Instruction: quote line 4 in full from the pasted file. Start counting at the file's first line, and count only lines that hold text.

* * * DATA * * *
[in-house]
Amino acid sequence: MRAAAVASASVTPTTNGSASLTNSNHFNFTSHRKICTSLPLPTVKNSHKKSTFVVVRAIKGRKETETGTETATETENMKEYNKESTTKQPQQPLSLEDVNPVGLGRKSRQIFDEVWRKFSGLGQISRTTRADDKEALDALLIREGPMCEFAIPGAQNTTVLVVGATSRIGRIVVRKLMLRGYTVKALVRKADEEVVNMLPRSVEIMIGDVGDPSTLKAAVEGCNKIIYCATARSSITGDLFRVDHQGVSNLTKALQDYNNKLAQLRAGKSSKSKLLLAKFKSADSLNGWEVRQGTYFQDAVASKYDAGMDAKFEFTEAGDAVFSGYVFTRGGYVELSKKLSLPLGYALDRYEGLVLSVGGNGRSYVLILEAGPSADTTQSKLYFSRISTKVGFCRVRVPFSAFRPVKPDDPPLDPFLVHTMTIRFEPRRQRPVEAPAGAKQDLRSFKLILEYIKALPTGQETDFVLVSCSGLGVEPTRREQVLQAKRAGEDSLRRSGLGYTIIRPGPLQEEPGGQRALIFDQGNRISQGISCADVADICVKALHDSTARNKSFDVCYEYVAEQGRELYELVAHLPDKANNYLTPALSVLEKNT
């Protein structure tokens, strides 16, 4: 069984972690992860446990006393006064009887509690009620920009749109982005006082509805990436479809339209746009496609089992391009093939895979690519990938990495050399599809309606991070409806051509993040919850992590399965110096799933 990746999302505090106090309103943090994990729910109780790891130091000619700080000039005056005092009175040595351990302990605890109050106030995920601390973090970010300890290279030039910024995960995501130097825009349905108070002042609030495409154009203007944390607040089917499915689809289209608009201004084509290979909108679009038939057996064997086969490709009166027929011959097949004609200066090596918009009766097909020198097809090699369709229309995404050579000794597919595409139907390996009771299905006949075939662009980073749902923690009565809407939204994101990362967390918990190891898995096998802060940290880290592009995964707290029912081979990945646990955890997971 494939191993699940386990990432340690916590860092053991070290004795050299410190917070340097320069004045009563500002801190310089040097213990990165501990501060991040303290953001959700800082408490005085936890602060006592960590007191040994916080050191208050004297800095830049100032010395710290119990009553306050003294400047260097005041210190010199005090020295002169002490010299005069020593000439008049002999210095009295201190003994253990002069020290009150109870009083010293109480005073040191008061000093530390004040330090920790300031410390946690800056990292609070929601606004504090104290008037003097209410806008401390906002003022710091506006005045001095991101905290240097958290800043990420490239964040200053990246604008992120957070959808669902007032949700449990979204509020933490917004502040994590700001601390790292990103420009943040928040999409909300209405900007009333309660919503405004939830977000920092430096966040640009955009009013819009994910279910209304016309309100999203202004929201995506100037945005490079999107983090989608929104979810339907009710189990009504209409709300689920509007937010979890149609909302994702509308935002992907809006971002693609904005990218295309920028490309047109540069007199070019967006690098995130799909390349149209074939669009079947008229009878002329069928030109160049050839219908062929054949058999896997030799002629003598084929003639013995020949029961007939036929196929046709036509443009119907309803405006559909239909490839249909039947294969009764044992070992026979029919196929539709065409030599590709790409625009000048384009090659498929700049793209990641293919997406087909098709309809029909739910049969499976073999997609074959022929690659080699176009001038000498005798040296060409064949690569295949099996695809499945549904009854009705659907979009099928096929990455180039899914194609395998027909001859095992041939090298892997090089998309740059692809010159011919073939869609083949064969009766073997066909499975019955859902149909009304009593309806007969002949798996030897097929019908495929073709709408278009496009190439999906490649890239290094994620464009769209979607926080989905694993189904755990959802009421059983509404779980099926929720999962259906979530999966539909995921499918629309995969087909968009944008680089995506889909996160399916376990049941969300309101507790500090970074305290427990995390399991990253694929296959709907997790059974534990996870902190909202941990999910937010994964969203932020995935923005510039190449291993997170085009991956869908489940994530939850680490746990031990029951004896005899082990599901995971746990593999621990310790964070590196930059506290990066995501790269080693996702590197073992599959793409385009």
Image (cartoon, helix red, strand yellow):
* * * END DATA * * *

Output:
Image (cartoon, helix red, strand yellow):